Some will make the case that farmers must treat their animals well and keep them in good health if they are to produce for them. But even in the best case scenario for egg-laying hens grazing on a beautiful pasture, the fact remains that a hen that lays an egg or more every day is not natural in the least. In nature, before man’s intervention, hens laid eggs like many wild birds do, once or twice a year, and they also raised their young. The modern hen is a product of man’s biological manipulation of the hen’s reproductive system. And the health conditions that hens suffer from as a result of this are widespread and a source of great suffering. But hens are known to hide from us when they are suffering or ready to die. Farmers don’t generally acknowledge this fact about hens and instead boast about what productive egg layers they are.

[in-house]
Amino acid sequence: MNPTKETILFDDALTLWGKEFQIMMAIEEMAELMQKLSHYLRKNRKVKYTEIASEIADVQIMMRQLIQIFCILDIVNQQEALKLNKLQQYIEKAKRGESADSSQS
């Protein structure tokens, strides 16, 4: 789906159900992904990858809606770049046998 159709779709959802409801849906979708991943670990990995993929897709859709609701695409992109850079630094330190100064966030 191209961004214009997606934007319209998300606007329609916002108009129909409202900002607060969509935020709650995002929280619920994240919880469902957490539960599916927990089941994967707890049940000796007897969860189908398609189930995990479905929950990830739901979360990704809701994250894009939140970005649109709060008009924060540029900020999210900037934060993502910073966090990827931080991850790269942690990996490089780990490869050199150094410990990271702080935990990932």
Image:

From animal lover to property owner
Any number of highly-imaginative justifications make the practice of using farmed animals for food and clothing either a necessity or a duty. How would farmers make a living if they could not use animals as commodities, particularly in the fiercely competitive age of factory farming that we live in? Economics dictate the shift from animal lover to property owner. On farms, animals are property, valuable property that supports the farmer’s livelihood. In the context of evaluating the welfare of animals on farms, this fact must be crystal clear. We must not be distracted by claims that provide false comfort and nostalgic visions of ethical farming, including “local,” “organic,” and “free range” to name just a few of the many claims the food industry makes to entice and comfort us. When a farmer tells you his goats live better lives than some people he knows, you should know that he will have them slaughtered for food in the end. Most people you know have a much more dignified end.
Finding the truth